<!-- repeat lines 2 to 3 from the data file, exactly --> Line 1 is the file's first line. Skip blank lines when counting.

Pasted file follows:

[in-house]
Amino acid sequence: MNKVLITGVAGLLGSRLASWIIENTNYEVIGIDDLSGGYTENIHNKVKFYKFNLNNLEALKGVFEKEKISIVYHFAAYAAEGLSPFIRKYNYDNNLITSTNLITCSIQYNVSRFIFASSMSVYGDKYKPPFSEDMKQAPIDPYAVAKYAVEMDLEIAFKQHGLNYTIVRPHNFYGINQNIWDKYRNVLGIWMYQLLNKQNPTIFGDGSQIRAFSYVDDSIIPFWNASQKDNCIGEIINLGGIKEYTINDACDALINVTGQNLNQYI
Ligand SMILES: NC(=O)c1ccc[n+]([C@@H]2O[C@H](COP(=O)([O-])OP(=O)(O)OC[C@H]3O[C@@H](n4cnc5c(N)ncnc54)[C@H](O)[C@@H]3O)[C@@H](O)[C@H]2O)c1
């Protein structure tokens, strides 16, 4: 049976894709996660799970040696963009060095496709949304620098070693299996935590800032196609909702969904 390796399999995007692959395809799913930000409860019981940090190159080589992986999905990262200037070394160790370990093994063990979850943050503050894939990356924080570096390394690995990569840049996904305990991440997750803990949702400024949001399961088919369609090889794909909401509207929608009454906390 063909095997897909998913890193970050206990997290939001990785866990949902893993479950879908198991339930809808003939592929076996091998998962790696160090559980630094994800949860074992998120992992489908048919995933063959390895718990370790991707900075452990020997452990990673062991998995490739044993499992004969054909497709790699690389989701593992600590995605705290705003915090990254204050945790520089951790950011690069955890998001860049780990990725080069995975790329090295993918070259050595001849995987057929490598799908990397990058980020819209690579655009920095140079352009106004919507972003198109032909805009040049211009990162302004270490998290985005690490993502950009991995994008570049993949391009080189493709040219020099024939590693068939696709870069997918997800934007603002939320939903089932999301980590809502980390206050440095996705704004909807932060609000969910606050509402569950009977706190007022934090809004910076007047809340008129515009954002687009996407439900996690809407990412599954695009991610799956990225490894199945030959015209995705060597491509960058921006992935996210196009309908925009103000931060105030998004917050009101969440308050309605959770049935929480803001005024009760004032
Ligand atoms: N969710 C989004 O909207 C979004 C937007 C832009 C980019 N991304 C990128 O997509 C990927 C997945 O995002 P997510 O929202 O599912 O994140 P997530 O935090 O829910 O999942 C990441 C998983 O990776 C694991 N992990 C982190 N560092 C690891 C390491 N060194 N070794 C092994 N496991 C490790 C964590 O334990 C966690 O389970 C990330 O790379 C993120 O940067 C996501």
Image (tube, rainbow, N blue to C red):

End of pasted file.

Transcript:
Amino acid sequence: MNKVLITGVAGLLGSRLASWIIENTNYEVIGIDDLSGGYTENIHNKVKFYKFNLNNLEALKGVFEKEKISIVYHFAAYAAEGLSPFIRKYNYDNNLITSTNLITCSIQYNVSRFIFASSMSVYGDKYKPPFSEDMKQAPIDPYAVAKYAVEMDLEIAFKQHGLNYTIVRPHNFYGINQNIWDKYRNVLGIWMYQLLNKQNPTIFGDGSQIRAFSYVDDSIIPFWNASQKDNCIGEIINLGGIKEYTINDACDALINVTGQNLNQYI
Ligand SMILES: NC(=O)c1ccc[n+]([C@@H]2O[C@H](COP(=O)([O-])OP(=O)(O)OC[C@H]3O[C@@H](n4cnc5c(N)ncnc54)[C@H](O)[C@@H]3O)[C@@H](O)[C@H]2O)c1